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My first knife (from a file)


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This is my first effort at knife making.  Started with a file.  Should have spent more (or any) time on layout but eyeballed the whole thing.  Did some of the shaping with an angle grinder but most of it was done with a 8" bench grinder.   Also used a rotary tool (saw) to add detail to it.  I really must have messed up the tempering because even though it was light purple on the edge after the first hour at 400 degrees F, I could never get a drill (cobalt bit) to even scratch the handle.  I temperd it a second time hope to get at drill through.  The whole blade came out purple but the drill still would not touch it.   Had to use an angle grinder to put a slot in the handle.   Most of the bevel came from using cheap Harbor Freight diamond files because regular files work barely if at all.  Sharpened it with diamond plates and MDF wheels.  The edge is OK sharp but it does not seem to like to hold an edge.  Brittle maybe.  

I did all the shaping before I tempered it.   Would like to know why I could never scratch it with a drill even though it was light purple. 

 

I sanded the handle to 600 grit and the blade to 3000 grit.  There are still a few minor file marks I can't get out, but overall I am OK with the result.  

Any suggestions anyone???

 

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Edited by Rob Davis
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Tempering colors are not reliable at all.  I find it best to ignore them completely.  This is because they are created from an oxide layer being grown, and that is not just dependent on temperature, but also surface and atmosphere chemistry.  What are you using to temper?  If it is a kitchen oven or toaster oven, are you checking the temperature with a thermometer that isn't pre-installed in the unit?  The built in thermometers are notoriously bad.  Also, are you using anything else in the oven for thermal mass?  How long are you tempering?  You should be doing at least 2 cycles of at least 1 hour each.  

 

You should do all your shaping before hardening (including drilling holes).  Then harden and immediately temper.  Then you can go your final clean-up and polishing.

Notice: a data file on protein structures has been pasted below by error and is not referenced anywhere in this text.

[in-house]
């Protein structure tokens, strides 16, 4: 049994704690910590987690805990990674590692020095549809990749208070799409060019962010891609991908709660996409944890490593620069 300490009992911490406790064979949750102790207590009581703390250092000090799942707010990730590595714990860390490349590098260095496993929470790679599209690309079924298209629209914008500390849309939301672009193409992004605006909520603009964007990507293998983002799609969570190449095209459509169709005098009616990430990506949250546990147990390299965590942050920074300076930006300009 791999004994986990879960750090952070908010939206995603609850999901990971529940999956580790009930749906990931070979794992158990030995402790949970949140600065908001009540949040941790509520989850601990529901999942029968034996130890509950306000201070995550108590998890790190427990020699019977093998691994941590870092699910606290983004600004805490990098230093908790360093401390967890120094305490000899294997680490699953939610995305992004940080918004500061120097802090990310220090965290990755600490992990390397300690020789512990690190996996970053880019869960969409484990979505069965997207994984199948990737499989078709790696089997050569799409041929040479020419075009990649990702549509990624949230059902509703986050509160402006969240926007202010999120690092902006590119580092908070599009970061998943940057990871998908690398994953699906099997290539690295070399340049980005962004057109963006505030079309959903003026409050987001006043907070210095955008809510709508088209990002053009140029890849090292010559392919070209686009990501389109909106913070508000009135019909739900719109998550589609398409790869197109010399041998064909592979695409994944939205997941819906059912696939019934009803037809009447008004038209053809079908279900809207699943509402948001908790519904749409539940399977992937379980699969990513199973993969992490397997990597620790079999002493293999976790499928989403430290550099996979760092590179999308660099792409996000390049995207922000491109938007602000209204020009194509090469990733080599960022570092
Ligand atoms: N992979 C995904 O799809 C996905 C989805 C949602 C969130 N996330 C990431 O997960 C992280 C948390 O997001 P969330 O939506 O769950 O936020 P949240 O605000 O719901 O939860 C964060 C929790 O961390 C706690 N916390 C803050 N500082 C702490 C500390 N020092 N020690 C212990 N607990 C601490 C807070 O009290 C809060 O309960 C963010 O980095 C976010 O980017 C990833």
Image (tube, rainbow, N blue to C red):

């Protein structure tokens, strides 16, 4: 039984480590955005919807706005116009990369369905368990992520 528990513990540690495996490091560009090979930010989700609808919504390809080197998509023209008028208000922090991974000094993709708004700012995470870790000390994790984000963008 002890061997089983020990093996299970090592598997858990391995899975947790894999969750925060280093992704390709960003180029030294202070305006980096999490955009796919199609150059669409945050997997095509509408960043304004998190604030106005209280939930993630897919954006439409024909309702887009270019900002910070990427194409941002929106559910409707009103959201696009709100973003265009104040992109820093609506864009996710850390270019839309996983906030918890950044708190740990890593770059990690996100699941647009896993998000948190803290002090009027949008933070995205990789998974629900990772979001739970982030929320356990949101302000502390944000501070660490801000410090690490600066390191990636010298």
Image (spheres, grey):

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To add to what Jerrod said, drilling and filing on a blade (even after tempering) are problematic at best.  In order to do either, if you are using a file as your raw material, you really need to first soften the file by heating it up much hotter than a standard tempering temperature.  This will draw the hardness out of it and hopefully allow you to work it much easier.

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Having used a lot of old files in the past, I would add to the above...

 

If you are doing stock removal, go ahead and normalize the file 3x before you do anything (search this forum; plenty of info).

 

Even so, when drilling 1095/W-1/etc., you need a good drill bit, slow speed, correct pressure, and lubricant (cutting fluid is good; WD-40 will work).

 

If you go at it full speed with a hand drill your bit will be squealing in no time.

 

 

 

 

 

 

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I did try different speeds with  the drill and used Cobalt bits.  I used regular old 3 in 1 oil.   My biggest concern was (based upon all those youtube videos) after I cooked it twice, the file never seemed to get a good bite.  With a lot of pressure the file would at best scratch the steel.  Sandpaper worked ( using belt sander and rotary tool) and those cheap diamond files worked, but the steel file never seemed to get any bite.    So I have been assuming I did not get the steel soft enough.  

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If you just cooked it in you kitchen oven, you did not come anywhere near hot enough to efficiently soften the file.  The normalizing process requires temps of 1500ish deg. Fahrenheit.  In order to do it correctly you really need a forge, kiln, or heat treat oven.  Come to think of it, you can probably soften a file well enough using a torch in a dark room.  For lack of being too descriptive, turn the lights out, heat the entire file to a bright red color, and then let it cool.  Be warned though, you will have to reheat-treat your blade completely, as this will draw almost all of the hardness out of it.

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